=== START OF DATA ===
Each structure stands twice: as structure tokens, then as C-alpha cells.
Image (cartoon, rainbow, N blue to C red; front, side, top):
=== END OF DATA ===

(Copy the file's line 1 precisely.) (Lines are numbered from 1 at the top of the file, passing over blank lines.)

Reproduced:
Each structure stands twice: as structure tokens, then as C-alpha cells.